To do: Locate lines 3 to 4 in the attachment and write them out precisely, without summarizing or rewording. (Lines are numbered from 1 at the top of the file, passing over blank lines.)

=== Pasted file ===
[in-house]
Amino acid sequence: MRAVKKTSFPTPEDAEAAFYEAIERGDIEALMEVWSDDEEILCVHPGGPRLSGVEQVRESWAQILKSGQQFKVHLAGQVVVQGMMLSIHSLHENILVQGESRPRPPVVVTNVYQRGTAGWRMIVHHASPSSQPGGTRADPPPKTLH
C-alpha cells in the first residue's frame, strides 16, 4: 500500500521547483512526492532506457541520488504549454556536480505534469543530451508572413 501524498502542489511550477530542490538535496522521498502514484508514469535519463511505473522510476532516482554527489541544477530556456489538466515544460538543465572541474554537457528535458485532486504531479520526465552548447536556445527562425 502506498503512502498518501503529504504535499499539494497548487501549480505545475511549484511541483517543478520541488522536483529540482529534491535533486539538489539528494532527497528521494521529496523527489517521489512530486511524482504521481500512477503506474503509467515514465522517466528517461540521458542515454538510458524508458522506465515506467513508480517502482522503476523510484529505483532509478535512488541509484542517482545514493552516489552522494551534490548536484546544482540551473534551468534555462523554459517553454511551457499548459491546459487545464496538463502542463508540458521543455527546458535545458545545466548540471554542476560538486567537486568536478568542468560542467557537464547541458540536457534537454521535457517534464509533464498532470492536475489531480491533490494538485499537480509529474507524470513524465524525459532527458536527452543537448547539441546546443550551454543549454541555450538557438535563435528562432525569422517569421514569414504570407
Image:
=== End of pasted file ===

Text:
C-alpha cells in the first residue's frame, strides 16, 4: 500500500521547483512526492532506457541520488504549454556536480505534469543530451508572413 501524498502542489511550477530542490538535496522521498502514484508514469535519463511505473522510476532516482554527489541544477530556456489538466515544460538543465572541474554537457528535458485532486504531479520526465552548447536556445527562425 502506498503512502498518501503529504504535499499539494497548487501549480505545475511549484511541483517543478520541488522536483529540482529534491535533486539538489539528494532527497528521494521529496523527489517521489512530486511524482504521481500512477503506474503509467515514465522517466528517461540521458542515454538510458524508458522506465515506467513508480517502482522503476523510484529505483532509478535512488541509484542517482545514493552516489552522494551534490548536484546544482540551473534551468534555462523554459517553454511551457499548459491546459487545464496538463502542463508540458521543455527546458535545458545545466548540471554542476560538486567537486568536478568542468560542467557537464547541458540536457534537454521535457517534464509533464498532470492536475489531480491533490494538485499537480509529474507524470513524465524525459532527458536527452543537448547539441546546443550551454543549454541555450538557438535563435528562432525569422517569421514569414504570407
Image: